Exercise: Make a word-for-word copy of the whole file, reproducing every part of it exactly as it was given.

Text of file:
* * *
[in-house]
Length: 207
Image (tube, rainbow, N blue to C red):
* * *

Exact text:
[in-house]
Length: 207
Image (tube, rainbow, N blue to C red):